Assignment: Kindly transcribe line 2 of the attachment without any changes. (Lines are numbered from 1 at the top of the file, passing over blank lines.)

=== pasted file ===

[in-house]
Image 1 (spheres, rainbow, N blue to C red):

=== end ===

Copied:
Image 1 (spheres, rainbow, N blue to C red):